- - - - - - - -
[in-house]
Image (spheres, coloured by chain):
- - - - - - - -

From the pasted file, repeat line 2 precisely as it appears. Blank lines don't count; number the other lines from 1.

Image (spheres, coloured by chain):